File photo by Justin Cook
Ryan Martin does not seem to mind the logistics of booking ninety bands during two days. Instead, Martin—as a musician, label head, and promoter, the area’s most steadfast experimental impresario—views his Savage Weekend as an ad hoc family reunion for international power electronics powerhouses, harsh noise blasters, and drone sculptors.
Martin’s sixth-annual symposium of abrasion gathers touring festival standbys, like the great Rat Bastard, with prime locals, including Lack
. Martin’s also recruited some of his more recent favorites, including the damaged blasts of Chicago’s HOGG
. For more than ten hours each day, the acts cycle through quarter-hour sets, each reevaluating the day’s dynamic in real-time.
“People are vibing off of each other,” he says. “That’s one thing I appreciate across small music scenes—there are people encouraging in such a positive way. It’s a dialogue.”
Savage Weekend starts Friday afternoon and runs late Saturday night.
: Across six years, Savage Weekend has started to feel like a slowly expanding family reunion. Is that something you foster?
: There is that vibe, and that’s part of the appeal—seeing so many people you’re associated with or played shows with or set up shows with, all in one place. People will play again and return each year, so that fosters that reunion aspect. But I try to also make sure people play who haven’t played before play each year.
In booking Savage Weekend, to what extent do personal relationships come into play versus, you know, booking agents or the like? What’s that process?
I would set up shows at my house, and I had this idea of presenting all these people who’ve done amazing sets but for between ten or thirty people got to see it when they came through town last. I wanted to do something to make it more accessible and bring it out of the obscure, secret location by bringing it into a legal venue that can accommodate so many people. One of the things I think about is, if I go on tour and see a band I like, I just have them play Savage Weekend. It’s such a small scene that it is a team effort, with people coming together.
It’s so small. You get in touch and ask them if they wanna play. A lot of people are very excited to come down and play because they’ll be with other artists and figure it will be pretty fun. I’ve never had to deal with any booking agents or anything like that. I couldn’t imagine dealing with anyone with a booking agent or having to go through those channels. It’s much more personal.
It’s driven by friendship?
There’s common interest. I wouldn’t say I’m close friends with everybody who’s playing, but I will have had positive interactions with them or really value what they do. I’m a fan of a lot of the people playing. I’m really excited to see what they’re gonna do.
You record and tour and promote so many shows in the area. To what extent is Savage Weekend an annual culmination of all those things for you, another marking post of where you’ve been and what you’ve been doing?
There’s definitely that element in terms of who ends up playing, especially the new faces. It’s people I’ve gotten into in the past year, like Truck Stop Strangler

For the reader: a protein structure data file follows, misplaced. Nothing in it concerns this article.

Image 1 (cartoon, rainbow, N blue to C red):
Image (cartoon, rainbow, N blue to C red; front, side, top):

or Virus or HOGG. Those are all people I’ve played shows with either on tour or they were passing through and I got into their stuff. It’s where my head is at these days. A lot of people who are playing just asked me to play, and I have a loose booking style with that. If people ask me first, I’ll just put ’em on the bill. It’s a combination of stuff I’ve seen or been into and also people who I’ve liked in the past.
Sometimes there’s people where I don’t know what they’re gonna do, but I’m just interested in seeing something fresh. I feel like people tend to really step up their game for Savage Weekend, because they have such a limited amount of time, and they’re around people whose stuff they like. They try to bring it extra hard. They condense what they do best into these shorter sets. It’s interesting watching momentum build. People are vibing off each other. That’s one thing I appreciate across small music scenes—there are people encouraging in such a positive way.
You goad each other along?
Yeah, I feel like it’s a dialogue. You’re checking out these people. They’re doing something you respond to. That just feeds the fire.
What additions excite you this year?
There’s a lot, so I’ll just give a few names. There’s Truck Stop Strangler, from Kansas City. I saw them play there, and he’s doing some really interesting things, sort of a narrative-based take on power electronics. The music is really beautiful, and there’s a performative aspect to his live presentation. Virusse, I’ve been really enjoying that. I have to look at the schedule. It’s kind of overwhelming. [Pauses to look at the schedule.]
Forced into Feminity
played an amazing set last year. A lot of people are excited to see her. I’ve seen her play a lot over the years, but the last time was just so amazing I’m excited to see what she’ll do. The list goes on and on.
Does seeing all these acts and having this reunion make the work of coordinating ninety bands easier?
I see almost all of the sets, which is really great. Despite the slightly overwhelming nature of it, it’s still really engaging. Because of the people at Nightlight, I’m in a real cushy position, too. I don’t do sound at Nightlight at this point. I’m having fun. We have other people who are working, doing the work, and I’m just helping people set up, corralling people. It’s not too hard. I just need to be present.